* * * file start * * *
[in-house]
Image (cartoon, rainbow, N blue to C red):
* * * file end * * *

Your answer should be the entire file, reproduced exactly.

[in-house]
Image (cartoon, rainbow, N blue to C red):